40 wild birds play a Gibson Les Paul guitar
This caught my eye. It's funny and oddly compelling.
The film is of an installation by a contemporary French artist called Celeste Boursier-Mougenot. It's very Marcel Duchamp, the French artist who started the conceptual art ball rolling nearly a hundred years ago.
Duchamp pioneered combining everyday materials, philosophical comment and humour, an idea that seeped into places like the 1960s pop group the Bonzo Dog Doo-Dah Band (they wanted to call themselves the Bonzo Dog Dada band, but worried people wouldn't get it) and Monty Python.
But Duchamp's more radical idea was to introduce chance into the creation of art. In 1913-14 he made 3 Standard Stoppages, a work of art that was the result of the random actions of mechanised contraptions. At the time, he was largely dismissed as a crazy Frenchman, but he inspired an entire avant-garde movement in art as well as the music of John Cage and the choreography of Merce Cunningham. Duchamp was not short of self-confidence, but the idea of adding chance to the creative process was rather humble.
"That's so random" is a common refrain nowadays, referring to a supposedly non-logical thought or event. It was also the clarion cry of the Dadaists, the anti-art, anti-rational early-20th-Century art movement that argued that it was rational thought that led to World War I.
Duchamp was much loved by the Dada movement. I wonder what Dadaists would have made of the internet. It's interesting that, as far as I am aware, no contemporary artist has yet harnessed this extraordinary technology to make a significant artwork. Of course, maybe I'm wrong and am missing something great - do you know of any net-based art works that are worth a look?
Maybe you have made one (an artwork made specifically for the medium, as opposed to a film such as the one above, which uses the net only as a means of dissemination)?
If you, like me, can't find any net-based art of note, why do you think that is? Why, when there's been such a boom in contemporary art around the world, has no artist made the medium of the web his or her canvas? And if someone were to use the net as a medium, as opposed to making an image, or a video, or even an interactive Flash animation, what would the resulting art look, or sound, or feel like?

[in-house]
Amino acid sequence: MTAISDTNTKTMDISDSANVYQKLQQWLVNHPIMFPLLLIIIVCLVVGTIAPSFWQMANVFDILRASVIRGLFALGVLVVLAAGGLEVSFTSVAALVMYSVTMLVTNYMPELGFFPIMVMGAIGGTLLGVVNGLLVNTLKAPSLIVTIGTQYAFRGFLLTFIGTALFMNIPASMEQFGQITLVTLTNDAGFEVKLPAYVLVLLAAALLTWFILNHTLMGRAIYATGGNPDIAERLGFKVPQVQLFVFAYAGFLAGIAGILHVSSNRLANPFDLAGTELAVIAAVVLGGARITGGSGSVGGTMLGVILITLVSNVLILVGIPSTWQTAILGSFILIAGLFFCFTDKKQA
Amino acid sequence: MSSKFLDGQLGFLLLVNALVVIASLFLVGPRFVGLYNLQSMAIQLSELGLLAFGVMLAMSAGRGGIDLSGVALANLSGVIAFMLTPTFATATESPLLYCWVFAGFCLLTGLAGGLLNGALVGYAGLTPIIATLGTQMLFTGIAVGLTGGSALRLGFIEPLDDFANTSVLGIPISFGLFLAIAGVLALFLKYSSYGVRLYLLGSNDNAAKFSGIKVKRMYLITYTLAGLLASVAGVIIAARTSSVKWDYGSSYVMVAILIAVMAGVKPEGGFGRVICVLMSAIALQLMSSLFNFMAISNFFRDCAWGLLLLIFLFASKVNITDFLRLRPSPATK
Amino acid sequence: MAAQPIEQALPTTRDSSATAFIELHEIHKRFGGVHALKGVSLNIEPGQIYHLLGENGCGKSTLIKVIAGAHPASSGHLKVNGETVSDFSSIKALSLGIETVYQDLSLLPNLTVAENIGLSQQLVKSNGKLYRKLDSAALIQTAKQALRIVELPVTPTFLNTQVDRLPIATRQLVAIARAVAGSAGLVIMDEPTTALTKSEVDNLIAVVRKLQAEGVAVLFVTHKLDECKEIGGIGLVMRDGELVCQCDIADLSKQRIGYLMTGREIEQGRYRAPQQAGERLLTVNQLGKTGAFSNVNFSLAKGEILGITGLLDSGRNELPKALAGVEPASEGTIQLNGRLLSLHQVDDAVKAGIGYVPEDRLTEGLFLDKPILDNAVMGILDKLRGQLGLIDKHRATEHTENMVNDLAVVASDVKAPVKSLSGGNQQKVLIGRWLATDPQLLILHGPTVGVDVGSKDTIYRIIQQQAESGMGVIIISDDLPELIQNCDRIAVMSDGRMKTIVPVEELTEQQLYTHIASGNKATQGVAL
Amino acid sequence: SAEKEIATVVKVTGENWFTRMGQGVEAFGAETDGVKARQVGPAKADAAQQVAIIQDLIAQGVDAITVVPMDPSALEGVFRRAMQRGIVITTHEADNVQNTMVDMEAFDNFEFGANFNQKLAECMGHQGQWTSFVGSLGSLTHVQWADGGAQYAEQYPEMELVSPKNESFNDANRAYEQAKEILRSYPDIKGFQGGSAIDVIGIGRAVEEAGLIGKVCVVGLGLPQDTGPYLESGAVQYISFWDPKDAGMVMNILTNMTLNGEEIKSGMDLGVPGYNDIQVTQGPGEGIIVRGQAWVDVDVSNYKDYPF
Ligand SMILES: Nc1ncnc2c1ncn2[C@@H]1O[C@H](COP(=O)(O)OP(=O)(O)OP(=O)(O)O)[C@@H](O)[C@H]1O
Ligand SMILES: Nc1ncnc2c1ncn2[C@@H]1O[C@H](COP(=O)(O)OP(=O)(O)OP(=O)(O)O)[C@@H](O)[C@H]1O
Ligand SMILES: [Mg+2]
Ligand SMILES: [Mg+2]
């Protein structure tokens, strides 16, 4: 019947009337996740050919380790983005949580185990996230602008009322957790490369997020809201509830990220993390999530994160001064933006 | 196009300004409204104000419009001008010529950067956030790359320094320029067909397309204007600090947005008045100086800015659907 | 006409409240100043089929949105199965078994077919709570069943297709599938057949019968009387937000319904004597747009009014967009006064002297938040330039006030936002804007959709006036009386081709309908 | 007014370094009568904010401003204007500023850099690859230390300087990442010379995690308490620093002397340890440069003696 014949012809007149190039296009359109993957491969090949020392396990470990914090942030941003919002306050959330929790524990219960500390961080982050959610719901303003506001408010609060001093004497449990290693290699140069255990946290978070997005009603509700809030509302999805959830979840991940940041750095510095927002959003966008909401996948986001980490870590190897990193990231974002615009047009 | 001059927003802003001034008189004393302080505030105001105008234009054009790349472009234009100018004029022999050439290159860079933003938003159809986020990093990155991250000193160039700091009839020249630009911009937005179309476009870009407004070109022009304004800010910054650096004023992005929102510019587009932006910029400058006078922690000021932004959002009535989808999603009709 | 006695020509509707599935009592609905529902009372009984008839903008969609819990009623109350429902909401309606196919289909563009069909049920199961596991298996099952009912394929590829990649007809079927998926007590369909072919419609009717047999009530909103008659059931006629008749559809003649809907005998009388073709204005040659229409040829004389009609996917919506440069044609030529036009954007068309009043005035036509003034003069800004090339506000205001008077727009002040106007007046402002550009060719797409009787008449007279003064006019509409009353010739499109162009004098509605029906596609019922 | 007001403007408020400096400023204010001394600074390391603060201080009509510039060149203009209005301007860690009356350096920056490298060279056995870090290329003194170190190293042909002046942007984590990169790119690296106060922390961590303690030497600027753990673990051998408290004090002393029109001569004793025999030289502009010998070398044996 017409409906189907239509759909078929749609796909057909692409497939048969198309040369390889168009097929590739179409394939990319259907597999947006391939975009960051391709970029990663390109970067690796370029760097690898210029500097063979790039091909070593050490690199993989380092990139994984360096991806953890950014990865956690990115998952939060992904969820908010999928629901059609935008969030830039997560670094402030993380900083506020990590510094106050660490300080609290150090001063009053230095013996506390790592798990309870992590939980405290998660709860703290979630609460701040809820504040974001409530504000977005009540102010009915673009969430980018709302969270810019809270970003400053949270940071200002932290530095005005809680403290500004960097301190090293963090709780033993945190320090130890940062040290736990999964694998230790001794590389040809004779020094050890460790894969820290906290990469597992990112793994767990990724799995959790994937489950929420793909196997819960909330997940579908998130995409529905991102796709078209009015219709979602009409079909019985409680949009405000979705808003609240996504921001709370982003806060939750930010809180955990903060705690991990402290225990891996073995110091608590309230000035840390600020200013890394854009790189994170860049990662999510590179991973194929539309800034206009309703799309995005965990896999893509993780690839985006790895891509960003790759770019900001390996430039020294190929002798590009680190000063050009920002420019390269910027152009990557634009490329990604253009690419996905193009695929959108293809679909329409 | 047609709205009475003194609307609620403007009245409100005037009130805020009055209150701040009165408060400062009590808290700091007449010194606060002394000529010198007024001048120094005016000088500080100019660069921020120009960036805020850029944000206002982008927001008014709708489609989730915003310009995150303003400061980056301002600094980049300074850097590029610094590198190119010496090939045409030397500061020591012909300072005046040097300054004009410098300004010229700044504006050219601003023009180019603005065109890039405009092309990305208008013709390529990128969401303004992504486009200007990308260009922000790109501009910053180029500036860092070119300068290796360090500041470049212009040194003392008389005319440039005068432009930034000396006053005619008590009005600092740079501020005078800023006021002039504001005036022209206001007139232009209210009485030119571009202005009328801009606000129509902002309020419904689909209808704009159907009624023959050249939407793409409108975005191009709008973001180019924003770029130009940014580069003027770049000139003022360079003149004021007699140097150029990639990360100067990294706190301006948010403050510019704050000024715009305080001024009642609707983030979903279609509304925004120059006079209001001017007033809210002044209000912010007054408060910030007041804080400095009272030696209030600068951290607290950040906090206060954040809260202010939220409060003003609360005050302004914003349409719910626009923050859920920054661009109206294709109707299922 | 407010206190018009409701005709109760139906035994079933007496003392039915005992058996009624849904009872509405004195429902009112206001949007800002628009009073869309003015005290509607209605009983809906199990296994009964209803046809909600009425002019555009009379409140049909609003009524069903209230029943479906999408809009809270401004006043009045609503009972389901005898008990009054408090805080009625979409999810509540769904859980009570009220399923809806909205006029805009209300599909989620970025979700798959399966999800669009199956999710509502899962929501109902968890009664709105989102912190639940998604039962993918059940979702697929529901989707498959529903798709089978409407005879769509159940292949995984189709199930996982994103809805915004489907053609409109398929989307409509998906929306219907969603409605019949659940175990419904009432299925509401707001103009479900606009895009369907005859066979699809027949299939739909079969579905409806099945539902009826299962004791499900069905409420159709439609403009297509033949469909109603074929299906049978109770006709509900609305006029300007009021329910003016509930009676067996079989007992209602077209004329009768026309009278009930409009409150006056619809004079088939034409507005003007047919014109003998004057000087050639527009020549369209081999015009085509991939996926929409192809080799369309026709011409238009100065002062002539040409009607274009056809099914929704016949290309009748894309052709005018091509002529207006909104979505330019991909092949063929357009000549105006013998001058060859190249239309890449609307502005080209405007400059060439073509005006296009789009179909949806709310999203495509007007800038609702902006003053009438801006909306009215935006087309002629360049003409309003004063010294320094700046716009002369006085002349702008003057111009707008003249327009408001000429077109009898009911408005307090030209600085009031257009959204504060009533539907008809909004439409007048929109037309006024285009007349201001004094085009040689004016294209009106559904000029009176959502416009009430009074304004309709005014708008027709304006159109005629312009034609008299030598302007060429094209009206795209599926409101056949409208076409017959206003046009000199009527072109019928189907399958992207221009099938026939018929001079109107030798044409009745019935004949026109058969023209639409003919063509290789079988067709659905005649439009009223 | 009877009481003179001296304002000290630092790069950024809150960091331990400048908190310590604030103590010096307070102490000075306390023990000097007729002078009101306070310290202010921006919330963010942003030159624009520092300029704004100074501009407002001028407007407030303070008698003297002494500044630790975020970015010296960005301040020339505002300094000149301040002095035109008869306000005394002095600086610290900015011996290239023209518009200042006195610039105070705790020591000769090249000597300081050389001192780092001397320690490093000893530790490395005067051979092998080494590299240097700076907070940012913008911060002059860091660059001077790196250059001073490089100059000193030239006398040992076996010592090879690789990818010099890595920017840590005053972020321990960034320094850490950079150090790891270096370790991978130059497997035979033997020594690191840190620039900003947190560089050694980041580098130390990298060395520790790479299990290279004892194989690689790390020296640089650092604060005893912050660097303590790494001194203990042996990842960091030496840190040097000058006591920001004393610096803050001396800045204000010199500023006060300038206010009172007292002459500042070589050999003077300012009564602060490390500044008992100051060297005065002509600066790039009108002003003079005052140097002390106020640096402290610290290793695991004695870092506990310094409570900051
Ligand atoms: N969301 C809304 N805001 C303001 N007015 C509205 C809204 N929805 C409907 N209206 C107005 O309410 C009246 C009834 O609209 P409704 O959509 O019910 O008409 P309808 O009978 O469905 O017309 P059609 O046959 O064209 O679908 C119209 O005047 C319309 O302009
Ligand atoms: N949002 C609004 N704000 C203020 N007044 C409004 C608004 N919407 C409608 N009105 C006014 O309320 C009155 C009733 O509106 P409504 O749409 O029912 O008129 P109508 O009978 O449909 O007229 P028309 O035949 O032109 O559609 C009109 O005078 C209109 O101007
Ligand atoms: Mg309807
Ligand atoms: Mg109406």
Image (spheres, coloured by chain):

Duchamp and the Dadaists would have had hours of artistic amusement creating spoof websites, unintelligible Wiki entries and general questioning of the status quo.
Perhaps that is what Celeste Boursier-Mougenot should do next after the installation of his 40 Finches work opens at London's Barbican art gallery on 27 February. Like Duchamp, he seems to understand the creative potential of random acts and non-directed participation. He's already proved in this artwork that while Keith Richards and Eric Clapton might be masters of the Gibson Les Paul, even they cannot play it like 40 wild birds - not a chance.
Update 5 Feb: On Tuesday I asked: if, like me, you can't find any net-based art of note, why do you think that is? It was a question that had the effect of chucking a large stick into a hornet's nest, and some of those commenting here and around the web are aghast that I should even pose such question.
Many comments have included links to a wide range of internet-based art. Some of the work I knew well; others I didn't and enjoyed seeing. Thanks to all those who provided links. Thanks also to Roberta who made an interesting comment regarding the post generating a useful archive of some net-based art. It's a good point; please continue to add links.
But my question was of eminence not of existence. As the Turner Prize-winning artist Jeremy Deller said recently to Charlotte Higgins of the Guardian, "I'm still waiting for someone to use the internet, really use the internet. We're still in a post-Warhol era. We haven't got beyond it."
Of course there is plenty of net-art about and has been for some time, and for the net-art cognoscenti there are stand-out works and practitioners. But for some, which includes many museum curators as well as Jeremy Deller, there hasn't been that moment of epiphany, where they feel they have seen a great work of art created using the medium.
That doesn't make them wrong or ignorant; it's just the subjective nature of the arts. And I don't think they're alone. Why, when the internet has become such a central part of people's everyday lives and at a time when there is enormous interest in contemporary art, is there not one net-based artist or artwork that, say, the layman would recognise by name or output?
To ask that question is in no sense to belittle the often intelligent, thoughtful and fascinating nature of net-based art, and it is not about being unaware of the presence of that art - it is to generate a debate: why, to many in the art world and the public in general, is it "not of note"?
Maybe it's just a issue of timing. It took a while for video-based art to gain real traction. Curators have told me that it was not until the likes of Bruce Nauman in the 1970s that artists using video started to become relatively well-known. Perhaps, just by having this debate, knowledge of net-art will increase in the public consciousness. It certainly has in mine.